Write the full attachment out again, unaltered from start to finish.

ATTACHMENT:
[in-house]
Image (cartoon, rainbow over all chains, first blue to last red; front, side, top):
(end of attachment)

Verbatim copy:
[in-house]
Image (cartoon, rainbow over all chains, first blue to last red; front, side, top):